Moon Exploration: From the Torah to NASA

The world is fighting a deadly virus that travels at the speed of light causing death, havoc, lockdowns, curfews, and political quarrels. Yet, nothing stops mankind’s ambitions to “go boldly where no man has gone before.” This Star Trek slogan — a TV show aired for the first time in 1966 — became a premonition of the first landing of man on the Moon on July 20, 1960, when Neil Armstrong took a “one small step for man, one giant leap for mankind.” At the time, the US government’s launch of Apollo 11 symbolized the pinnacle of human achievement in science and technology and its hegemony in space exploration. Sixty years later, here we go again! Last May, SpaceX — founded in 2002 by Elon Musk —, became the first private company to launch a spacecraft into orbit with commercial plans for space tourism and business, while the current US administration has created Space Force to propel their moon travel program in the next few years.

Without getting too philosophical, but just out of curiosity, where does this need to go to the Moon or Mars come from? Why launch rockets to outer space for hegemony, business, or recreation? Why are billionaires signing up for the outer-space experience? What is so unbearable about life on this planet that we rather escape than invest and develop, both, nature and humanity on this amazing planet? Does Moon travel improve our physical and spiritual lives? Does it unite us as a one human race? Does it heal our differences and harmonize us into one people? Does it provide the solace and spirituality we need amidst a pandemic, rioting, protests, health crisis, and economic downturn? The space exploration conundrum cannot possible provide us with existential answers during these challenging times, nor did it unite us during the landing of the Moon in 1960 at a time of division about the Vietnam War, the Civil Rights movement and the assassination of a US president, his brother, and a Civil Rights leader. Yet, it is undeniable that Earthlings are inspired by the launching of rockets to the Moon and humanity’s power to take on challenging projects, but, do we really appreciate the Moon’s benefits and value here on Earth?

Before the Moon was discovered by NASA, The Torah already mentioned it over three thousand years ago when G-d issued the first commandment to the Israelites after He liberated them from Egyptian bondage:

“Hashem said to Moses and Aaron in the land of Egypt, saying, This month shall be for you the beginning of the months, it shall be for you the first of the months of the year.” Exodus 12:1.

Hashem’s mention of Moses and Aaron who are Levites — descendants from Jacob’s son Levi—teaches us that two ordained witnesses are needed to declare the appearance of the New Moon —Rosh Chodesh in Hebrew— every month starting with the month of Nissan. How do we know Hashem refers to Nissan when He says: “This month shall be the beginning of the months”? It is implied by the way this commandment is sandwiched between the tenth plague —the killing of the first born of Egypt, Exodus 11:1— and the commandment of remembering the Passover Festival (Exodus 12:14). Both events happened during Nissan, the month in which Hashem liberated the Hebrew slaves from Egyptian bondage. With their newfound freedom, slaves could choose to accept G-d’s commandment of the New Moon without Divine coercion as it is said in the Talmud: ”All is in the hands of Heaven, except the fear of Heaven,” (Tractate Niddah 16b).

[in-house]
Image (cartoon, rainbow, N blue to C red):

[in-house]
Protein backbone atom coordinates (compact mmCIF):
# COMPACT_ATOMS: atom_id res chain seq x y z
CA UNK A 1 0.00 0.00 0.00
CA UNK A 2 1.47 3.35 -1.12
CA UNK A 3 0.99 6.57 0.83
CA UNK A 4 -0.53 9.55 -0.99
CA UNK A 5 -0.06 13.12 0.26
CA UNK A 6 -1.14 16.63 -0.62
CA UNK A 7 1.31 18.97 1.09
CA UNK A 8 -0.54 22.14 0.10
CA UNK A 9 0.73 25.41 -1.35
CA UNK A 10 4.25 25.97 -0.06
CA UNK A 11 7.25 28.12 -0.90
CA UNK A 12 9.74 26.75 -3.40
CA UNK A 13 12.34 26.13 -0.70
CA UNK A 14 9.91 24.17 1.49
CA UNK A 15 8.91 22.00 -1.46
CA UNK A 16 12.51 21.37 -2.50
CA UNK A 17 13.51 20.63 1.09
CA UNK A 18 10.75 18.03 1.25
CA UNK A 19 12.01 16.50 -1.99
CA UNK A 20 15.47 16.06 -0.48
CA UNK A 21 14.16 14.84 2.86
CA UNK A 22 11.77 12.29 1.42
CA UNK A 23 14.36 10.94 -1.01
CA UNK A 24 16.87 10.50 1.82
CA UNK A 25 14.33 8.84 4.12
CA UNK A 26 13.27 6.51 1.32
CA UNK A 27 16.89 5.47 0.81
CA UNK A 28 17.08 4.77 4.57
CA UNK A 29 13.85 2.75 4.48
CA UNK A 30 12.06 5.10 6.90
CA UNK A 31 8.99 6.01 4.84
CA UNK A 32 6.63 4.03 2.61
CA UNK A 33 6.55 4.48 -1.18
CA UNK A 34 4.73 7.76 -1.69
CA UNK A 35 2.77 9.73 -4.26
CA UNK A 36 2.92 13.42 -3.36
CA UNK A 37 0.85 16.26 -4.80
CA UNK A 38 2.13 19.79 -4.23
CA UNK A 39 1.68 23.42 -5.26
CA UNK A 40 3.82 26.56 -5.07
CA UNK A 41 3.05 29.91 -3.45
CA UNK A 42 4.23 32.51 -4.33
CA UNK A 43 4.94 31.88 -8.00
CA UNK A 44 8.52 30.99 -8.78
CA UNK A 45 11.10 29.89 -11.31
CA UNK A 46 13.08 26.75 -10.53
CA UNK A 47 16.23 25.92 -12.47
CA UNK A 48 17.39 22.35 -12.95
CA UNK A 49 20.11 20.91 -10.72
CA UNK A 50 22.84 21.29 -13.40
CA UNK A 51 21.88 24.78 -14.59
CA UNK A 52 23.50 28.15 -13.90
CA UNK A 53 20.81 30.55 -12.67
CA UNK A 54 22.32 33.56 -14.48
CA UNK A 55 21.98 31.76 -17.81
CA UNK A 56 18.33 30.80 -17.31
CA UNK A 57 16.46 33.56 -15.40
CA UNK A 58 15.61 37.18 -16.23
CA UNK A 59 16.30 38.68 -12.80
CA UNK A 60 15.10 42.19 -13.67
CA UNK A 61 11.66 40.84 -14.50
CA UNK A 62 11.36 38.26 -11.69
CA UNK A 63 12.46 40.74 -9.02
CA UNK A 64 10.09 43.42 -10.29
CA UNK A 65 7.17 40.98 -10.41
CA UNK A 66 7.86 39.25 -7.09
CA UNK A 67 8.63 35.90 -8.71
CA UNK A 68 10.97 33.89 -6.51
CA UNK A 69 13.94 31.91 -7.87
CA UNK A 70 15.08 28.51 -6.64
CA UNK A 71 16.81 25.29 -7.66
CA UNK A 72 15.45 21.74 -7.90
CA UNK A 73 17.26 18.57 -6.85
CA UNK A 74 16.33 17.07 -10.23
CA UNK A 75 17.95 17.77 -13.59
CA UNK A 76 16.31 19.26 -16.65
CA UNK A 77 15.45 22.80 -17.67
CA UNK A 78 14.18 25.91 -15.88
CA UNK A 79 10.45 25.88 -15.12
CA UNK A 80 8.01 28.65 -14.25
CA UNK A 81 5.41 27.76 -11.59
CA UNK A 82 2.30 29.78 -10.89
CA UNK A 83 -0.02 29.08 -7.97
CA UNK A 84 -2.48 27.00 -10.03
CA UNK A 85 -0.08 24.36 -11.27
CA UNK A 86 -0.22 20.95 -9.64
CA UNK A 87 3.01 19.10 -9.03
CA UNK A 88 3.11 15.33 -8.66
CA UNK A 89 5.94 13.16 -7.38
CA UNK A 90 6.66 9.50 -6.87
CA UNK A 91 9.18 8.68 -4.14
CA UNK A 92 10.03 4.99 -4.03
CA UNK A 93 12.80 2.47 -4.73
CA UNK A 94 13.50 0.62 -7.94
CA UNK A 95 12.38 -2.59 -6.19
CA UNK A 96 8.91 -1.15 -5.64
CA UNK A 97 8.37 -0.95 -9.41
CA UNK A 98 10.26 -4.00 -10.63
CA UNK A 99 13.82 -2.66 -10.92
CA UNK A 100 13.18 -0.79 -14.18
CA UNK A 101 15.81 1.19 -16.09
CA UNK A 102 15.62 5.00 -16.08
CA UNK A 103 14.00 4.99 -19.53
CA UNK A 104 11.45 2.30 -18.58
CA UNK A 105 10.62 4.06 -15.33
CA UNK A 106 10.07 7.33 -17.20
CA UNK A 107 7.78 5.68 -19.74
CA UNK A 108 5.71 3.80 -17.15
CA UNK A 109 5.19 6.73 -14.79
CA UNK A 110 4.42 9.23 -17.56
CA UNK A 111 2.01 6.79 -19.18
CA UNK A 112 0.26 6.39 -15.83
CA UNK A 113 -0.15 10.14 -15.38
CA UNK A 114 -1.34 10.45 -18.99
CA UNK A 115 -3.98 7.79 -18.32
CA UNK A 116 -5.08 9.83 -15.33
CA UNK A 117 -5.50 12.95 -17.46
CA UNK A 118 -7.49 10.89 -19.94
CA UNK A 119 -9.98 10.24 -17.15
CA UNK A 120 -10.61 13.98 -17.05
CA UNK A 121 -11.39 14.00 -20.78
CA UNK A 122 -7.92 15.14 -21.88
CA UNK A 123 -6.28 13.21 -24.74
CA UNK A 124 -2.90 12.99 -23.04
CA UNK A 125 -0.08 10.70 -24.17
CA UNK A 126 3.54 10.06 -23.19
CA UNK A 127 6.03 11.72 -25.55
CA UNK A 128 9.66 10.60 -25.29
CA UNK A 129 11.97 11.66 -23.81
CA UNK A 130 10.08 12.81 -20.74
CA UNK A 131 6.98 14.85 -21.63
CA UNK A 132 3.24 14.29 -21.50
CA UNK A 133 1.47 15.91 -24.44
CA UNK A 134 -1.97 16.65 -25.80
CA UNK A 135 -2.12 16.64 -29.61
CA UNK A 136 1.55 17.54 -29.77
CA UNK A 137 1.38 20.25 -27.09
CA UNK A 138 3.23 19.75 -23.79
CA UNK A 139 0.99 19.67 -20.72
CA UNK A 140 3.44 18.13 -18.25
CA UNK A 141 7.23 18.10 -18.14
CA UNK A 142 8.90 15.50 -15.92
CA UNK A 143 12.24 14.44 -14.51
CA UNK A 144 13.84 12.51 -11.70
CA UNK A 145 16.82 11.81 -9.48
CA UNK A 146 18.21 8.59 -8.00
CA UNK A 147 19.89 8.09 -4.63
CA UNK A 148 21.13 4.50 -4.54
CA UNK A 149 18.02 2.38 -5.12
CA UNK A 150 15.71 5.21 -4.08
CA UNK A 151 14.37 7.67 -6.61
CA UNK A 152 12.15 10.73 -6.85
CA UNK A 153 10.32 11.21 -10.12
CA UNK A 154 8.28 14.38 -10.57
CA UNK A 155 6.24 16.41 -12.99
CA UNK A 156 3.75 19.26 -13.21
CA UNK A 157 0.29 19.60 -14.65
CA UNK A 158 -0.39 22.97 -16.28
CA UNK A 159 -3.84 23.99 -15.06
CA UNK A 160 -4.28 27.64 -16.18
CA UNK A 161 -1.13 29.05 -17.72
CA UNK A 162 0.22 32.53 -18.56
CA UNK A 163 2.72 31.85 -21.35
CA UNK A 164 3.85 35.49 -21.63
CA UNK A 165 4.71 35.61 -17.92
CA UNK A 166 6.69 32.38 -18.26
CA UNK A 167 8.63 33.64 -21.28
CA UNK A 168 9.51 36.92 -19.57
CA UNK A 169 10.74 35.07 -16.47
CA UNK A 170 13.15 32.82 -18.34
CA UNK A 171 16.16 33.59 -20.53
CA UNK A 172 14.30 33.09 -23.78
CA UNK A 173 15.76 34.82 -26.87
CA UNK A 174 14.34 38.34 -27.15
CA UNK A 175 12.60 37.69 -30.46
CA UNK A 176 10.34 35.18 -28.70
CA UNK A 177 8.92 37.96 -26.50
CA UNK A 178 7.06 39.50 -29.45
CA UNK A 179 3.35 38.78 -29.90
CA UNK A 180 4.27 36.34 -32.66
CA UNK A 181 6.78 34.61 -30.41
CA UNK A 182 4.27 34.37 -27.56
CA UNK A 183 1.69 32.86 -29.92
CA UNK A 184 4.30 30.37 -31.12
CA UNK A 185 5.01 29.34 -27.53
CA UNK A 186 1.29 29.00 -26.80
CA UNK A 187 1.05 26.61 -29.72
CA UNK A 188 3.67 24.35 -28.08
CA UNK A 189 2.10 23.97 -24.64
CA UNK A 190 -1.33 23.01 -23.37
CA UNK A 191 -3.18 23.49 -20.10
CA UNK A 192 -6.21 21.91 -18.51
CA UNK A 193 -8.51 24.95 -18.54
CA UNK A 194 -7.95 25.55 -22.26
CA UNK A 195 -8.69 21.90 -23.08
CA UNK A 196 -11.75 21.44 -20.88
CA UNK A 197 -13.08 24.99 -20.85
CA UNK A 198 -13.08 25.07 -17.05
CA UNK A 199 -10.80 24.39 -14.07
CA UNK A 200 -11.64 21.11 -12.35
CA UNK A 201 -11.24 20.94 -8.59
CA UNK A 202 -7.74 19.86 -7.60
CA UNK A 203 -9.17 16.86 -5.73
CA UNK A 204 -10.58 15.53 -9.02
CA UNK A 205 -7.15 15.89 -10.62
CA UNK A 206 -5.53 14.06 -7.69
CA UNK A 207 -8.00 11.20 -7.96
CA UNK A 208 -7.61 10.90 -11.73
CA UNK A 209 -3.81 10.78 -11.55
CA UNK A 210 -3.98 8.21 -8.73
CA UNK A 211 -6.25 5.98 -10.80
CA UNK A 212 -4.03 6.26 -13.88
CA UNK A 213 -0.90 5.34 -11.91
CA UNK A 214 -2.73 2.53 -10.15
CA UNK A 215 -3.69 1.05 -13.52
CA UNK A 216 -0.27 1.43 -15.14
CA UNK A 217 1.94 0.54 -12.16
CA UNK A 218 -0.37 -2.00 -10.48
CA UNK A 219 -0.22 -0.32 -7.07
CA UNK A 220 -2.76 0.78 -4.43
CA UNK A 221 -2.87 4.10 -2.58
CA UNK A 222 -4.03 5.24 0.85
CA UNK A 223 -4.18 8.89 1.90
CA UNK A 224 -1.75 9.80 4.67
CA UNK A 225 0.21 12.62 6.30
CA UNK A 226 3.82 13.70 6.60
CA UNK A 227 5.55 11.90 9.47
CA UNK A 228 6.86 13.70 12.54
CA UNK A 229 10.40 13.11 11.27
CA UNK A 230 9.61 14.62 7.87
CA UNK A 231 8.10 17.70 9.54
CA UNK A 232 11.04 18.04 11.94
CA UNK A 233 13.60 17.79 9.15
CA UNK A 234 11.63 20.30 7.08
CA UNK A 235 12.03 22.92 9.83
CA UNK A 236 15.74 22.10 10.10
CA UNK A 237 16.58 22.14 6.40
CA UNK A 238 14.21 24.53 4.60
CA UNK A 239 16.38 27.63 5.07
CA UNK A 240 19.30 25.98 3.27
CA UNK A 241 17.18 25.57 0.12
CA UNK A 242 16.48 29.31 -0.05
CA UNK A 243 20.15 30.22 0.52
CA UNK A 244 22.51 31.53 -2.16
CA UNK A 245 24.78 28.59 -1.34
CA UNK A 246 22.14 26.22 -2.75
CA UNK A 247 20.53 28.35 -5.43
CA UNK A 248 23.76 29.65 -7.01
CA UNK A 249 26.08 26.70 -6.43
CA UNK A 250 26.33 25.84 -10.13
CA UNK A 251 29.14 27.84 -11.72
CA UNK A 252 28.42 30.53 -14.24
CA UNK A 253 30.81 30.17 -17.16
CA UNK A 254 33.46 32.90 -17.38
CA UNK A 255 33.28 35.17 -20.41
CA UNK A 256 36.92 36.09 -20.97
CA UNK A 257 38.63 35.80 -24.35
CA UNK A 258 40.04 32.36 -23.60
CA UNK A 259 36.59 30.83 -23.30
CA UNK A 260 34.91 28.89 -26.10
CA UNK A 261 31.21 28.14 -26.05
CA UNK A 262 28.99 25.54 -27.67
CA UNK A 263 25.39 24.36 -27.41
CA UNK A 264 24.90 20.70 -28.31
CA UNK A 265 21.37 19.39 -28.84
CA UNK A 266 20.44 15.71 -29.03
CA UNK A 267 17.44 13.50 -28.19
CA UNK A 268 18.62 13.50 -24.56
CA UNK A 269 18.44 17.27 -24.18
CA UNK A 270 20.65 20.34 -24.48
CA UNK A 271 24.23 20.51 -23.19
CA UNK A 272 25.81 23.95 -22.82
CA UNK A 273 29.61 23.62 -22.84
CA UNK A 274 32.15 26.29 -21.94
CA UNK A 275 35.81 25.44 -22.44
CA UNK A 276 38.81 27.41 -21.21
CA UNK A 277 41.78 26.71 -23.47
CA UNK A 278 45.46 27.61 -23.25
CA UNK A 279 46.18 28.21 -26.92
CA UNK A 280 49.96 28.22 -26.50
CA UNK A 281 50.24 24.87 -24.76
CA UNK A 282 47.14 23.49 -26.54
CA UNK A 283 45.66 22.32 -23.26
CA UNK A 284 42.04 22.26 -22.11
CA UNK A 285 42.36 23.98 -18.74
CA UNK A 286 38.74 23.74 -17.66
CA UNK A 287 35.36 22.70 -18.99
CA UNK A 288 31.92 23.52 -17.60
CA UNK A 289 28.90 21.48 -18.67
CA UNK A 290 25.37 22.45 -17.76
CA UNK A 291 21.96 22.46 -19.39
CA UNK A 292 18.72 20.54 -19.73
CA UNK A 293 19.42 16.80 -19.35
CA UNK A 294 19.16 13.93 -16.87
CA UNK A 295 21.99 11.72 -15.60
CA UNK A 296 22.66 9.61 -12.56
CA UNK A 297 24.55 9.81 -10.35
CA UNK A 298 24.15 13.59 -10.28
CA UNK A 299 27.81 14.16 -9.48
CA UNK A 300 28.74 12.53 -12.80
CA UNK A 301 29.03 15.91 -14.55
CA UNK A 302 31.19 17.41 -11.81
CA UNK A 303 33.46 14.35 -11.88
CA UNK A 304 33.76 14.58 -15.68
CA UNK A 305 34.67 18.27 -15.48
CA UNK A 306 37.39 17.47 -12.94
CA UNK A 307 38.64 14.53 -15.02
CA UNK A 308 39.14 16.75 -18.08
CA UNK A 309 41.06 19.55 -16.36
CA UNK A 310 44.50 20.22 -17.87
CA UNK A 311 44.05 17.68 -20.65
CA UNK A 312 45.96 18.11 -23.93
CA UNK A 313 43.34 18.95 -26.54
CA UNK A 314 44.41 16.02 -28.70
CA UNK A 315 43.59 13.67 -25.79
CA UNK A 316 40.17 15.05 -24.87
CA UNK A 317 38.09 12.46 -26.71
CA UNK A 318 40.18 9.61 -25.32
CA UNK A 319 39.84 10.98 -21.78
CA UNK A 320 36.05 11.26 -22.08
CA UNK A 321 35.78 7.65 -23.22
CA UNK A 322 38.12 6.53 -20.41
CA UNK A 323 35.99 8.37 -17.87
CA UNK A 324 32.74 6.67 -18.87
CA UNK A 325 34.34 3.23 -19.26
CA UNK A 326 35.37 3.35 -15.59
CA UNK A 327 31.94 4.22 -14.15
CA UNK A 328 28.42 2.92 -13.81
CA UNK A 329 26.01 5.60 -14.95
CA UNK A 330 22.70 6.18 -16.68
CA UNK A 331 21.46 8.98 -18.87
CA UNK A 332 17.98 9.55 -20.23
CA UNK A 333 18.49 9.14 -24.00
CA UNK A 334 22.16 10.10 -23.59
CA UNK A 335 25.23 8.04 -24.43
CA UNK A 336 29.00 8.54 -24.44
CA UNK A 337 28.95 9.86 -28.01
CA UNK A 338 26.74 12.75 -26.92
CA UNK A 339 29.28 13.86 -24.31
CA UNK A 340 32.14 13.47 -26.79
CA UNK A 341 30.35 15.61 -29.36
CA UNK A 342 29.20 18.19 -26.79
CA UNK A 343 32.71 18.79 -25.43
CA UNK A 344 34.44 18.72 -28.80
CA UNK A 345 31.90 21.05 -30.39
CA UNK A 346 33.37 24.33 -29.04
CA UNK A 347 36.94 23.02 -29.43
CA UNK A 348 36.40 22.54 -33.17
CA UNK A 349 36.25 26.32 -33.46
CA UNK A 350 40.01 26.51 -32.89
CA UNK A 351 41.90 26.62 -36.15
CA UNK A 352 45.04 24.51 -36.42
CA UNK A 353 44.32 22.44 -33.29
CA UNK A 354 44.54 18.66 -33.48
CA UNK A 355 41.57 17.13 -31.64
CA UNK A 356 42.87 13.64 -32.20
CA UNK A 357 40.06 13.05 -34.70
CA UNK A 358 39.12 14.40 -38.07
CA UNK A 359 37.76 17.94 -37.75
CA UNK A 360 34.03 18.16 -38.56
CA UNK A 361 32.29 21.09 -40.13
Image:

Why is it so important to look at the Moon to know when a new month begins or ends?

In the Torah, the Moon, the Sun, and Earth were created by Hashem during the first five days of Creation for the benefit of humanity. Adam and Eve were formed on the sixth day, after G-d had created a world with all the natural resources needed for their sustenance. The seventh day He created the Sabbath which is not a physical creation as the prior six days, but a spiritual time that brings blessings to whomever observes it. In Hebrew, the word “to create” by G-d is “Barah,” which is Creation of the Universe out of nothing or ex-nihilo according to Moshe ben Maimonides in The Guide of the Perplexed. “Barah” is used in the first three words of the Torah: Bereishit Barah Elohim —In the beginning, G-d created— (Genesis 1:1). “Barah” is also the root word for “Bracha” or blessing. A blessing in Judaism is G-d’s emanation of goodness for our benefit. When G-d created the Heavens and the Earth, he did it with the word “Barah,” Creation with a blessing for us. The deep meaning of the Hebrew words for the account of Creation provides a model of a Universe with meaning and purpose. This principle is more evident in the creation of the “luminaries” —the Sun and the Moon—: